Much like its birth, the destruction of Rome did not happen all at once. Rather, there were many contributing factors to its ultimate demise. Rome’s destruction began as a disease slowly disintegrating from the inside. Political corruption, the division of wealthy and poor, decline in moral values, and public health to name a few, were all major contributors to this disease. For the purpose of this paper, this disease will be called ‘The Roman Condition’.
To understand the Roman Condition, we must first understand how it got from a thriving empire to an empty shell in the span of 200 years. From the year 14 – 180 AD, there were five good emperors which attempted to reestablish a republic type empire. They restored the senate and established a new succession line. Previously, since the establishment of the empire, succession was limited only to the Julio-Claudine bloodline.
These five good emperors established a succession policy by appointment rather than bloodline. Unfortunately this opened a much more serious problem for the military. By the year 190 AD, Rome’s army was spread throughout western Europe. The army had begun to split into parts, and each part had its own idea who should be emperor. This caused them to war with one another until one part was successful in establishing their emperor. Between 211 – 284 AD, twenty three of such emperors were established by the different parts of the army, almost all were killed by rival emperors. This fighting among the Roman army and within Rome weakened the structure of the Roman political system and reduced the respect for moral law and order only advancing the infection of the Roman Condition. (Heather)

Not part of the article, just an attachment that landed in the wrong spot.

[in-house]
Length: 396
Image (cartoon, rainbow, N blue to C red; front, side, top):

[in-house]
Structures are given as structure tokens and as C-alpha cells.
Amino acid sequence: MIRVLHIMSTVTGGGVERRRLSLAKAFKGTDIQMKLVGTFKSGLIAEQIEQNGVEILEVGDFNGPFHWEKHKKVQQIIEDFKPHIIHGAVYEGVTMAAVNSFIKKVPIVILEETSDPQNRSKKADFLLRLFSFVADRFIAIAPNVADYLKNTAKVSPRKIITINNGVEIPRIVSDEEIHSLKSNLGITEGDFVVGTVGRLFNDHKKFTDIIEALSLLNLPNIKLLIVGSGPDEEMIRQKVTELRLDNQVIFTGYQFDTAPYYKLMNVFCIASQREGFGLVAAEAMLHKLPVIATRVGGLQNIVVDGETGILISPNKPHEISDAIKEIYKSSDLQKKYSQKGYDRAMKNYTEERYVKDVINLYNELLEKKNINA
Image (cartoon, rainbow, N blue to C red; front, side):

In 284 AD, Rome was divided into an Eastern and Western empire each with its own ruler by the Emperor Diocletian. This caused many administrative problems. More defenses were needed to protect both empires, more money was required to fund these defences, and inflation was rising as a result of the increase in spending. (Damen)
By this time, the public health of Rome was rapidly deteriorating. It is said, the Romans wanted nothing more than entertainment and food. Emperors like Nero wasted money on lavish parties for the guests to eat and drink so much that they became sick. Nero also held huge 100 day celebrations in the coliseum with over 20,000 people and animals killed. This desire for bloodshed displays just how much the Roman Condition had grown. The continuous interaction of people at the Coliseum also allowed for a greater spread of disease from the blood and death. The divide between the rich and poor increased as well, allowing for the poor to come in contact with even more diseases. (Rome.info)
Rome continued to increase in population and it was growing increasingly harder to keep with the demand for grain and foreign trade. Coupled with the inflation and raise in taxes the Roman people grew increasingly dissatisfied with anyone in power. (Van)
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